After several hours passed, Stan's mom woke me up to tell me that the baby needed to be nursed and that he was still crying.  I thought, how could one little baby cry so loudly for such a long time.  I knew from that moment on, I was in for something; but I didn't know what.  We lived with his parents for four months.  During that time we had our separate interviews with the IRS.  We were both in separate rooms and asked questions like "On what side of the bed does your husband sleep?" or "What color toothbrush does your husband have?" (I couldn't answer that right now after nearly 25 years of marriage) or "What did he wear to bed last night?"  I'm going to stop right here since some of the questions were just downright too personal.
I received a temporary green card and was to have a permanent green card within a year.   We moved into our very own little one bedroom apartment after living with his parents for nearly four months. I think everyone was happy about that!  Little Thomas was a two-hour child, nursing every two hours day or night until he was six months old and crying most of the rest of the time.  I then decided to give all my maternity clothes, as well as all the baby stuff he out grew, away, since I was never, ever having another child ever again!!
To be continued...

Stan managed to work his way into an assistant manager job for a fast food restaurant and since they transferred him often we moved from apartment to apartment several times.  It didn’t take long for our debt load to begin mounting up and so I took a part-time job at Publix (a grocery store) starting at four in the morning.  Since I had a job now, we of course needed two cars so we bought another new car.  We put Thomas in a nearby day care which he didn’t like.  It didn’t take long and when we would pull into the street of the daycare he knew where we were going and would start crying.  I remember the last time I dropped him off there, he sat down in a little chair, laid his head down on the little table and sobbed uncontrollably – it was heartbreaking.  Suspecting that maybe things weren’t quite right at this place, I decided to drop in one day unannounced.  I found Thomas sitting behind the refrigerator as a punishment.  The lady told me that “he was disrupting nap time.” That was the last time we took him there.  Stan was transferred again and so I had to quit my job anyway and we moved into a posh apartment in Altamonte – never mind that we couldn’t really afford the place.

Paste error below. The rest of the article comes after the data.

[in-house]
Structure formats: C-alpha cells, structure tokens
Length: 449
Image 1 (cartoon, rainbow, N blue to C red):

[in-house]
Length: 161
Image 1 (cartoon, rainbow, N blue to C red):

By early 1989 we started discussing whether we wanted to have an “only child” and it didn’t take long until we agreed to have another baby.  Well, that’s an understatement; we talked about it one week and we were pregnant the next.  And remember, this was the person who said I was never, ever having another child ever again!!  Our spending habits didn’t change and by the summer of that year we were on the verge of being crushed by our debt.  I remember when we got our first MasterCard that summer.  By the time the first bill came 45 days later it showed that we were already over the credit limit.  We took a cash advance from our Visa to make a payment on the MasterCard.  We were the classic example of being financially over extended.  When we added up all of the minimum monthly payments for all of our credit cards, car loans, and other bills it was more than twice our monthly income.  Sears, American Express, Visa, MasterCard, Bally Health Club, two new car loans, plus a loan on a car Stan had totaled, a myriad of retail store cards, you name them, we owed them money!  We realized that we couldn’t afford to stay in our apartment, but where would we go?